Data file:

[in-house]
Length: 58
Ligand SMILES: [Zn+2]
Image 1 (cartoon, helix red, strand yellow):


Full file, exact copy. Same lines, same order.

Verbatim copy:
[in-house]
Length: 58
Ligand SMILES: [Zn+2]
Image 1 (cartoon, helix red, strand yellow):